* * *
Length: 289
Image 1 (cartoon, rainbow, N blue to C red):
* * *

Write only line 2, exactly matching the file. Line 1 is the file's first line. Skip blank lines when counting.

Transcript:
Image 1 (cartoon, rainbow, N blue to C red):